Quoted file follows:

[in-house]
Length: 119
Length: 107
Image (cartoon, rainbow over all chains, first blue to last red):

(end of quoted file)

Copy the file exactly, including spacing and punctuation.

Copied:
[in-house]
Length: 119
Length: 107
Image (cartoon, rainbow over all chains, first blue to last red):